In a recent turn out, Xiaomi has been accused of collecting data and web usage pattern of its customers and storing it in servers in China. The man behind these findings is Gabi Cirlig along with Cyber Security researcher Andrew Tierney. Their research revealed shocking information which was passed on to Forbes.
Cirlig found out that his RedMi Note 8 had been collecting his phone usage and sending that data to servers in China. Surprisingly, these servers belong to the Chinese Tech Giant Alibaba.
More shocking part is that even the data which was searched in Incognito mode, a mode solely meant for privacy, was also being tracked. The device was even following the folders that he had opened and to the extreme, the screens that he had swiped on. Isn’t that too creepy? Not just in China, the data so collected were being stored in servers located in Russia and Singapore as well.
Cirlig continued his research with other Xiaomi devices like the Redmi K20 and Mi 10 and not much to his surprise, both contained the same encryption codes as his earlier tested device. Which meant that these devices would also have privacy issues. The data being sent had the most basic level of encryption.
Quoting Cirlig’s words, the data sent had “a form of easily crackable encoding, known as base64”.
These datas could be easily correlated with the users themselves. Cirlig: “such metadata could be easily correlated with an actual human behind the screen.”
Xiaomi expelled all the allegations and said that the data is being collected with the consent of the user maintaining their anonymity. They denied to have recorded any activity in the users’ incognito mode. But the researchers strike back with evidence.
Cirling and Andrews have collected photo and video proof of their findings and have posted them online. In the video, Cirlig is seen surfing through porn sites in Incognito and simultaneously he shows live how the activity is being recorded and sent to a server.
Cirlig: “Xiaomi’s behavior was more invasive than other browsers like Google Chrome or Apple Safari.”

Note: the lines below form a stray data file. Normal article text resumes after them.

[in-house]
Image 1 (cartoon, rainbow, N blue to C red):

Cirlig also found out that Xiaomi has been tracking and collecting information every time he used the Xiaomi music player app. During their research, they came across Sensors Analytics as the one on the receiving end of the data sent.
Sensors Analytics, The Chinese StartUp, also known As Sensors Data, is a company that works for Xiaomi. It’s a behavioral analytics company who use data to analyse the behavioral pattern of their clients’ businesses. Both Cirlig and Andrew found out that their apps were sending data to Sensor Analytics as each time of their research, they found a reference to the same.
The researchers: “When clicking on one of the domains, the page contained one sentence: ‘Sensors Analytics is ready to receive your data!’”
In response, Xiaomi’s spokesperson confirmed the relationship with the startup:
“While Sensors Analytics provides a data analysis solution for Xiaomi, the collected anonymous data are stored on Xiaomi’s own servers and will not be shared with Sensors Analytics, or any other third-party companies.”
Xiaomi also announced that in its next browser update, it would allow customers to stop their visited websites being sent to the Chinese company’s servers. Though that’s a quite good assurance, all this points out to the fact that Xiaomi could possibly be indulged in activities it has been accused of.
Xiaomi users beware!
In response to the allegations, Xiaomi has released a blog post claiming the data collection to be aggregated and based on user consent.
The company has updated its blog post with another announcement. The latest update of the Mi browser (v12.1.4) and Mint browser (v3.4.3) includes a toggle to turn off aggregated usage data collection in the incognito mode.